• Walking eases low back pain {an issue of many desk jockeys}
• Walking strengthens your feet
• Walking large hills strengthens the glutes without the heart rate raising intensity
• Adding some walking to your routine might just help you run farther and faster by building leg strength, increasing lung capacity, reducing stress and burning extra calories.running stamina

Speed Up

No time for all those extra miles, then you might need to checkout the Hanson Plan, which is all about using less frequent, but more intense runs.

Under this method, you aren’t training with long runs, but instead using those intense short runs, to allow you to run much farther on race day by simply slowing down.

In this method you are building endurance by going hard on shorter runs, which then can make a longer run feel easier when you slow down.

Another option here is to ensure that your slower runs, also include cross training days of HIIT or circuit training. Those bursts of high intensity moves can help make your running at a slower pace feel easier mentally, simply because it’s not require the same intensity.Increase running stamina with weights

Incorporate Hills
Early in base building, I have all my runners include hill workouts because it creates leg strength and encourages better running form. You have to drive your knee up, rather than over extending the leg to make it up the hill. These two pieces together improve endurance and injury prevention.

Beat Boredom
This one rarely enters my mind, but I hear it so often “how do you keep going, I just get so bored!” Of course you aren’t going to keep pushing the distance if it’s boring and why would you. A few ways to make it more interesting:
• Running in new places, while actually paying attention to what’s around you
• Try trail running
• Practice my treadmill boredom beaters
• Ask friends to run with you
• Join a running group
• Don’t try to run daily, mix in other cross training activities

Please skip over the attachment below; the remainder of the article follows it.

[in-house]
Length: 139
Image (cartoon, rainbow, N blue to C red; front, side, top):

• Listen to audiobooks or podcasts instead of music

Manageable Goals
Maybe one of the reasons you aren’t increasing your distance is the goals you set…are you trying to go from one mile to your first 10K and feeling like you’ve signed up to climb Mount Everest?

Stop focusing on the ultimate goal and look at today’s goal. Today you simply need to go one step farther than you did yesterday and it’s a success, you’ve officially improved your running stamina. Those little steps add up, stop discounting them! Minus Dean Karnazes, few of us head on our first run and conquer the world.

We do it little by little.
Consistently showing up.
Embracing the bad runs.
Believing we can.

That’s right, as much as running is about getting your lungs, heart and legs on board, it’s all a bust if you don’t get your brain in the game.

How can I run longer without getting tired?

It’s a process of incorporating all of the techniques listed above. You need to allow your muscles to get stronger through the right workouts, you need to back off the pace to give your body longer energy, you need to mentally jump some hurdles and it will happen.

So maybe there isn’t really a secret at all, it’s just about showing up day after day and putting in a little more time on your feet without being so focused on your watch.

What helped you increase your distance?

What’s your current distance goal?